Malaysia remains on course to recovery this year after easing the decline in its economic output in the first three months of 2021.
The country’s gross domestic product made a 0.5% contraction in the first quarter, government statistics released last week showed, extending the economic slump to five quarters as the Covid-19 pandemic persists.
The figure, however, is better than the 3.4% fall in the last three months of 2020.
The perceived improvements in local demand and “robust” exports performance helped soften the continuing economic contraction, the country’s central bank claimed.
“The better overall performance reflects the improvement in domestic demand and the strength in our exports, Bank Negara Malaysia (BNM) governor Datuk Nor Shamsiah said in a press statement.
Total domestic demand, which accounts for 94% of GDP, fell 1% in the January-March period, easing from the 4.5% decline in the previous quarter.
Exports surged 11.9%, which in turn lifted the manufacturing sector – reporting an output growth of 6.6%.
Meanwhile, headline inflation inched up 0.5% from the 1.5% slump recorded in the final quarter of 2020 driven by the positive yet low uptick in fuel prices following base effect. The central bank sees another spike in the next quarter’s print given a lower base from the low fuel prices recorded in the same period last year.
The ringgit fell 3.5% in value against the US dollar as the latter strengthens amid the rise in US Treasury yields, spurring the rebalancing of investment portfolio among global investors. The currency is expected to “remain exposed to periods of heightened volatility,” according to BNM.
New lockdown dampens recovery outlook
With an ongoing third wave of Covid-19 infections, Malaysia reimposed a month-long lockdown across the country from May 12. This further “clouds the economic outlook ahead,” according to ING senior economist Prakash Sakpal in a research note.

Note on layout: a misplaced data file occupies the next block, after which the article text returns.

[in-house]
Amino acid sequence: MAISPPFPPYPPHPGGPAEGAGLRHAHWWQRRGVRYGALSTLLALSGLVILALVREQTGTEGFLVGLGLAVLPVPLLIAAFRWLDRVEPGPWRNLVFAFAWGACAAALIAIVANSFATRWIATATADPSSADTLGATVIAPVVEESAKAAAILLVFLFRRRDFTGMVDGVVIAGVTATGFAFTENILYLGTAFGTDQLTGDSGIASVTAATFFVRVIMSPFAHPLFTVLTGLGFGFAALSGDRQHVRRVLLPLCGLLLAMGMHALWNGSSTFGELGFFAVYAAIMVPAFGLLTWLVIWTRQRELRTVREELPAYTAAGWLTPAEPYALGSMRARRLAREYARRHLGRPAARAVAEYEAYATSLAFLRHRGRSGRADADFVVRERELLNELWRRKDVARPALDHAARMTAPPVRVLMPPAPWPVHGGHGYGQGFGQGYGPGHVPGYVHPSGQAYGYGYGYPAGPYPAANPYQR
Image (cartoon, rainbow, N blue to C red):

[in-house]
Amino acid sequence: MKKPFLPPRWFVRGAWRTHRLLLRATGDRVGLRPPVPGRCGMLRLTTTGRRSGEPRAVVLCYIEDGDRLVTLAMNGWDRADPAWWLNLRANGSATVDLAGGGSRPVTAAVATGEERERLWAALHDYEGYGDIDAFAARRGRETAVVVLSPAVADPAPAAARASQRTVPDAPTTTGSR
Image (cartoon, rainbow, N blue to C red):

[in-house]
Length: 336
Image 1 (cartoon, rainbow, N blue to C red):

Covid-19 cases in the country rose above 450,000 with deaths nearing 2,000.
Given tighter restrictions, ING slashed its year-on-year GDP growth forecast for the second quarter to 13.9% from 16.7%.
Yet, the central bank remained optimistic about the economy’s growth prospect as it permits business activities during the lockdown.
“Despite the recent re-imposition of containment measures, the impact on growth is expected to be less severe than that experienced in 2020, as almost all economic sectors are allowed to operate,” it said.
BNM notes that overall growth recovery is hinged on “better global demand, increased public and private sector expenditure as well as continued policy support.”
The economy is also poised to benefit from its recovering labor market, higher production in manufacturing and oil and gas and the rollout of vaccines against Covid-19.
As of early May, Malaysia fully vaccinated 2.3% of its population or over 700,000 citizens, while it administered nearly 2 million vaccine doses, based on data from Our World in Data.
“Nevertheless, the pace of recovery will be uneven across economic sectors,” it added.
The BNM expects full-year GDP growth to hover between 6-7.5%, while ING maintained its 5.3% growth forecast. In terms of inflation, it sees the 2021 print to average higher between 2.5-4% mainly due to the cost-push factor of higher global oil prices.
“Going forward, Malaysia is well-positioned to continue benefitting from stronger global economic and trade activities,” Shamsiah said.
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